CONFEDERATE SOLDIERS GRAVES

CONFEDERATE SOLDIERS GRAVES

TOPIC

Uriah R. Gillihan from Jackson Co. TN and T.W. Phillips from Overton Co. TN had been members of the 28th Confederate Infantry

GRAVESITE FOUND!

    The Confederate Soldiers Graves are located approx. 3 miles south of Chestnut Mound in the Tom Hollow off St. Mary's Hollow Road. These graves are located in a very narrow hollow that can be entered at #197 St. Mary's Hollow Road. There is a very rough road accessible by fourwheel drive for one-half mile and then a walk of 3/10 mile. It is one of the most remote areas of Smith County. Formerly there were two or three cabins in the hollow but none today. Uriah R. Gillihan from Jackson Co. TN and T.W. Phillips from Overton Co. TN had been members of the 28th Confederate Infantry and had fought in several major battles such as, Shiloh, Fishing Creek, Stone's River. Both had been either wounded or sick and were furloughed from the army. Gillihan and Phillips met in Putnam Co in the spring of 1865 while on the way home. Lee had surrendered in April but they were not aware of it. They attended a dance at Buffalo Valley and became involved in a dispute. Fearing for their lives they left Buffalo Valley and went to the home of Charles F. Burton, arriving about daylight. Mr. Burton being a Southern Sympathizer fed the two boys and sent them to hide in a cabin down in the Tom Hollow. They were discovered by the Home Guard who marched them around the area, then physically tormented them with bayonets. They were then tied to separate trees and shot by the Union men. When the two bodies were discovered Charles F. Burton had them wrapped in blankets and buried. Mr. Burton had a rock wall built around the graves which he kept clean and decorated with flowers for the remainder of his life. There are descendents of the Burton family, and the Lewis Fletcher family, who helped bury the soldiers, still living in the Chestnut Mound area who are knowledgeable about this event.In the 1970's Guy Boyd, grandson of Lewis Fletcher, that helped build the wall around the gravesin 1865, was instrumental in getting stone markers placed at the graves. In Vol.V. No. 1 of the Smith County Historical & Genealogical Society newsletter is a article by Katheryn Frye Dickens titled TOM HOLLOW REVEALS CONFEDERATE HISTORY. This is a well researched and interesting account of this event. Listed in Smith County Cemeteries - South of the Cumberland River Pg.186.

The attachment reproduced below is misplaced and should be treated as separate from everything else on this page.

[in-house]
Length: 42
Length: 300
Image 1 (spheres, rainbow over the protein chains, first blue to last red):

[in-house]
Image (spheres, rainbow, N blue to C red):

Confederate Soldiers Grave
    were taken by
    John Waggoner Jr. - http://www.rootsweb.com/tnsmith/cempics/confedgrave.htm


    Additional Info
    Owner:
    bgill -Contributions private
    Created:
    5/24/2007
    Modified:
    5/25/2007
    View count:
    96 (recently viewed: 1)